The UnBias team is pleased to announce the launch of a ground-breaking report that articulates the voice of children and young people, and their relationship to the internet and digital technologies.
The launch will take place at the House of Lords next 31st of January and it be presented by Baroness Beeban Kidron, Prof Stephen Coleman from Leeds University and Elvira Perez from the UnBias team. Children and young people will be attending the launch and contributing the Q&A session.
This report is titled ‘The Internet on our Own Term: How Children and Young People Deliberated about their Digital Rights’ and describes the work carried since April 2015 in which young people aged between 12 and 17 gathered together in the cities of Leeds, London and Nottingham to participate in a series of jury-styled focus groups designed to ‘put the internet on trial’. In total, nine juries took place which included 108 young people, approximately 12 participants per jury.
The report outlines the ground-breaking research process, using actors to set scenarios for debate and a deliberative process to capture the changing views of young people as they examine a broad range of claims and evidence.
The policy suggestions, straight from the mouths and imaginations of the young participants, aimed at Ministers, Industry, Educators and Business are vibrant, surprising and pragmatic. Below are some recurring themes:
Young People’s Recommendations about Data:
- Users should be informed of any use of their data – their explicit consent should be required
- Information about how personal data is shared and tracked
- The length of time personal data is stored should be limited
- There should be a recognised award/badge for best practice in personal data sharing and protection of user’s privacy
Young People’s Recommendations about Terms and Conditions:
- Should be clearer, shorter and more accessible
- Introduce audio and/or video T&C
- Businesses that do not comply with minimum requirements, such as word limits, clarity, reasonable choice or accessibility, should be fined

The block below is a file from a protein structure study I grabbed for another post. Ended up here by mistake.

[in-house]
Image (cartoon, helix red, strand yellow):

Young People’s Recommendations about Removing Content:
- Young people wanted an overall power to delete own content
- A self-tracking tool to see where one’s content goes
Young People’s Recommendations about Screen Shots:
- A blocking tool should be available
- Users should have control to limit viewing and unwanted exposure
Young People’s Recommendations about Education:
- A demand for awareness raising/improving internet literacy
- A broader curriculum beyond the current provision of e-safety that explains as well as warns
- Peer-group advice service
Young People’s Recommendations about Excessive Device Use:
- Responsible adults and technologies to help children exercise self-control specifically the ubiquitous provision of time cut-off points
- Recommended usage periods
- Social and technological tools to manage use
Alongside many positive stories and personal anecdotes about how invaluable digital communication technologies were, juror’s expressions of frustration and concerns were grouped into the following themes:
- Transcending the online-offline dichotomy: Young people expect their online experiences to be consistent and governed by the same moral standards as the offline world and therefore, to have the same rights and responsibilities online as they have offline.
- The role of regulation: Along with self-responsibility, they wanted regulation to introduce reasonable norms to ensure young people’s experiences online are not only safer, but happier.
- The process of participating had a profound effect on their efficacy. Jurors were measured before and after to capture attitudinal change. They left feeling more determined to have a say about how digital technologies and services are run and more confident about expressing their rights.